I was pretty burned out by the time I landed on Baltra Island in the Galápagos. I was finally honoring the promise I’d made to myself to explore and see what inspired Charles Darwin’s ode to Survival of the Fittest**, but mostly, I needed an escape.
It turns out Darwin did not have the idea for The Origin of Species until returning to England much later. He spent a mere five weeks in the Galápagos during his five-year world voyage on the Beagle, but I guess it was enough time to influence him deeply. While my circumstances differ from Darwin’s, the islands had a similar effect on me.
While there, I taught English to Spanish kids. Operating on little to no Spanish skills, I took pleasure in seeing their faces light with comprehension and, consequently, unexpected joy. I snorkeled for the first time and picked up swimming (not the other way around) in the middle of the ocean. I celebrated New Years Eve by kissing and dancing with strangers on a soccer field; a night that resulted in some solid, long-distance friendships. I spent many evenings trading stories at Baqueros, a local watering hole, and realized that while we all wander, not everyone is lost.
I learned a lot about myself during that trip, more than I learned about Darwin or the islands themselves. I discovered that I’d been avoiding the fullness of life and using work as an excuse for way too long.
At one point while stationed with a host family on San Cristobal Island, living and interacting among the kindness of strangers, I began to remember how to live and feel again. Taking note from the creatures there—iguanas, pelicans, and sea lions, who all absorb the sun before feeding in the ocean— I finally stopped, stuck my toes in the sand, and enjoyed the feeling of existence.
A wise woman once said: “Life is a movie, but there’ll never be a sequel.” Like a movie, we have no control over what sort of footage will turn up in the dailies, but we do have a say in what the beats will be about. While we have limited time and only one shot to shoot the scenes, it’s our responsibility to narrate our story.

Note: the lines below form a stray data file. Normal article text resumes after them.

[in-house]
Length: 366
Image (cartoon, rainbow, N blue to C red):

I suppose you think this means I’ve figured it out. Far from it. People are rarely straightforward enough to take one experience and find unwavering truth. I am merely on the next leg of my journey. At times I may lose visibility, detour, and hit a pothole or two, but at least my outlook on work has been redefined.
I haven’t lost my drive or need to work, but I want to allow time to work on myself. I want to be more understanding of others. We work to pay our financial debts—our credit card bills, mortgage, rent, and taxes—but sometimes in the process we forget the people around us and rack up an emotional debt. I want to work so the emotional debts I’ve accumulated with loved ones do not stay in deficit. For what riches of the world am I working for if I don’t take the time to use them?
There is this general perception that there isn’t enough time. If you don’t make time, then you’re a slave to that perception. I don’t want to be a slave any longer, and I hope wherever I may roam, the fullness of life will follow.
*Most Asian parent’s idea of being practical aside from asking, “Is there a cheaper way?” is to become a banker, doctor or lawyer. For ultimately going into fashion, you could say I’m a bit of a black sheep in the family.
**Charles Darwin didn’t coin the term Survival of the Fittest, English philosopher Herbert Spencer is credited with that honor. Darwin agreed with Spencer’s assessment and updated Chapter 4 in the fifth edition of The Origin of Species, replacing Natural Selection with Survival of the Fittest.